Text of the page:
In order to be successful and make a shit ton of money you need two things, an awesome product, and even better sales. Most of the entrepreneurs you hear of today are engineers, others are intelligent enough to hire great engineers, as a result, every product that you see today is amazing (okay! Most of them).
But still, half of those new products won’t be there the next year. They’ll fall head first into the ground.
Search google for “advice for entrepreneurs”, the most clichéd advice you’ll read is, “you have to have a great product.”
That is what the conventional wisdom says. But, tell me, most of the products we come through today are not bad, they’re great, then why do half of them don’t survive the first year?
Poor distribution, not product, is the number one cause of failure. If you can get even a single distribution channel to work, you have great business. If you try for several but don’t nail one, you’re finished…People say it all the time: this product is so good that it sells itself. This is almost never true. These people are lying, either to themselves, to others, or both.
I didn’t speak this gem. In fact, I believed the contrary to be true until I started researching for this article.
These are the lines of Peter Thiel, the founder of PayPal. Probably the best thing he taught in his CS183 class at Stanford.
Shook whole of your perception, didn’t it?
Well, the story we’re going to talk about today supports Peter’s opinion. Actually, it’s Peter’s story we’re going to talk about today.
All of us have heard of PayPal, the payment giant acquired by eBay for $1.5 Billion in 2002. If you’ve ever bought anything online you sure would’ve heard the name. They are one of Silicon Valley’s largest success stories, in fact they were the largest in the early days. Today, they have around 145 million monthly active users and process close to 9 million transactions in a day.
In the early days, (to be exact in the year 1999) no one could have said they’ll end up ruling the payments market. They faced fierce competition from players like X.com (Elon Musk’s company), dotBank, and eBay’s BillPoint. So what did they do that the following happened to the three competitors.
- They acquired one.
- Put one out of business.
- And got acquired by the third for more than a billion.
The only amazing thing they did was, they got their distribution right.
Initially, if you referred one of your friends to PayPal you’d get $10 into your account and your friend will get $10 into his account. This strategy, though gave them a good amount of users, it couldn’t last long. This strategy was a burner, and didn’t quite make up their unit economics in those days. Also, this distribution channel could be easily duplicated by their competitors, which wouldn’t be good. The only option they had left was to think of a cheaper, and a difficult to copy distribution channel from where they could get more customers.
The story gets fun. PayPal figured that the company which will acquire them in the future was their best distribution channel. They had to leverage it. Of course, they didn’t know then that they’d get acquired by eBay, but funny how dots connect.
So, PayPal’s marketing team, came up with a way to leverage eBay to create demand, they made a script. What the robot used to do was, crawl eBay looking for certain types of auctions, bid on them and then ask the seller to pay for the auction using PayPal.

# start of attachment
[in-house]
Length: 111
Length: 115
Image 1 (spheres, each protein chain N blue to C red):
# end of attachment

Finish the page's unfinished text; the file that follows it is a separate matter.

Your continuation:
Problem: Not all sellers would be willing to accept PayPal.
Our guys had a solution to that too. Eric Jackson, the author of The PayPal wars, and the man who used to run the marketing team at the company, described the whole solution as follows.
Within a day we figured out the answer – the bot would bid on items for charity. We’d have our charity robot identify itself to sellers before it placed a bid, sending an e-mail that said it was collecting goods that would be donated but it could only pay with PayPal. The e-mail would then tell the seller that if he didn’t mind transacting with a computer program and accepting PayPal he could reply to the e-mail and a bid would automatically be placed. We thought most sellers would accept this offer since it was a win-win for them – bids from the robot would allow them to participate in a charitable cause while also ensuring that their auction price went higher. From our perspective, even if our bot didn’t win the auction, at least the seller would have been exposed to PayPal.
Later, they partnered with Red Cross, a universally respected group and started sending out emails using the address, firstname.lastname@example.org.
There it was. They had a distribution channel which was working. Sellers were happy to be a part of a charitable cause and also increases the price of their auction with one extra bid.
Till date we don’t exactly know what the content of that email was, but it was the one thing that worked for them. It was not the product. Everyone had a great product, it was how they sold it.
And that is one of the lessons to learn from this story, when everyone has a great product in the market, stop fighting over the product. Get the distribution right.
The second lesson they learned, is not actually from PayPal but from eBay. Reid Hoffman, the founder of LinkedIn and the member of the PayPal team (or in popular terms, the PayPal mafia) in those days, spoke the following about eBay’s mistake and how they used it to their advantage.
eBay was the only gold mine that existed. We had to win. One decisive move in the war was focusing on e-mail. The real platform for auctions wasn’t the eBay website, as most people assumed. It was e-mail. People would receive emails when they won auctions. eBay knew this but didn’t understand its importance. PayPal, on the other hand, got it and optimized accordingly. Very often PayPal would notify people that they won the auction before eBay did! People would then use PayPal to pay, which of course was the goal.
Don’t be eBay. Be PayPal.